Our heartfelt thanks to Pet Sitters International for the guest blog this week!! ~MPI Team
Article By Pet Sitters International Staff
While pet pigs may not be as common as dogs or cats, their owners still need someone to provide quality pet care when work or travel keep them from home. However, finding reliable pet care is not as simple as enlisting a family member, friend or neighbor to help. While probably caring and good intentioned, they likely lack the training—and the insurance coverage—to provide the quality of care pet pigs deserve.
Fortunately, many professional pet sitters now offer care for pot-bellied pigs. Whether you need someone to simply feed your pet pig or take it for a stroll, a local professional pet sitter can offer peace of mind that other pet-care options cannot. Professional pet sitters provide pet care at the client’s home or property, allowing pets to maintain healthy routines in the comfort of their own home environments.
But selecting the right pet sitter to meet your family’s specific pet-care needs can take time. With numerous pet-care directory sites popping up in the last couple of years, anyone can post a profile online advertising pet-sitting services—whether they have experience and credentials or not. Pet owners should make sure that they are hiring true professionals before letting them have access to their homes and pets.
Pet Sitters International (PSI), the world’s largest educational association for professional pet sitters, recommends that pet owners schedule an initial consultation with a potential pet sitter before booking services.
“But what questions should I ask?” the owner of a pet pig may wonder.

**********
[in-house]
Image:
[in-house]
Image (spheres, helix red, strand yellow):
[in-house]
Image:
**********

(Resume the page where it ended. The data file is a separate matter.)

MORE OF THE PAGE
PSI advises pet owners to ask seven important questions when interviewing a potential pet sitter:
In addition to asking these questions, Alisha Tomlinson, PSI member and owner of Heavy Petting Pet Sitting in North Carolina, advises that it is also important that owners of pet pigs provide some specific information to any pet sitter they decide to use. Tomlinson encourages owners to explain the pig’s exact routine to the pet sitter, indicate how much food the pig should receive, and where it is okay to touch the pig.
Sarah Palmeri, owner of The Sitters in Massachusetts—and also a PSI member—recommends that it is also important for the pig’s owner to share if it is potty-trained, is allowed both indoors and outdoors, what commands the pig is familiar with and, of course, what the pig’s favorite treat is.
PSI has found that its professional pet-sitting members adjust and expand their services to meet the needs of their pet-owning clients. A pet owner should ask if a potential pet sitter has experience caring for pot-bellied pigs, but even if the professional pet sitter’s answer is no, the pet owner may still decide to book services based on the pet sitter’s reputation and level of experience and training in the pet-care industry.
Oftentimes, professional pet sitters without “pig expertise” are able to quickly adapt to a pig’s routine and follow the care plan when given detailed instructions by the owner—or with a “trial run” before the actual pig-sitting services are needed.
Just as some people are “dog people” and others are “cat” or “bird” people, there’s no “one size fits all” when it comes to finding the right pet sitter to meet the specific needs of you and your pet. In addition to asking the seven questions suggested above, make sure any potential pet sitter meets you—and your pig—in person before securing services.
Finding a professional pet sitter to provide the right pet-care services requires an investment of time—time to do phone interviews, conduct an in-your-home meeting and thoroughly check references on those you’re considering hiring. But, once you find that perfect professional pet sitter, you’ll have peace of mind—and your pig will be in “hog heaven!”
PSI provides pet owners with free access to its Pet Sitter Locator, allowing you to search for local professional pet sitters free of charge at petsit.com/locate.
While PSI recommends a professional pet sitter when vacation or work keep you from home, there’s one week we recommend bringing your pig with you—during the annual Take Your Pet To Work Week™! To learn more about this annual event that celebrates pets and promotes adoptions, visit the PSI website.
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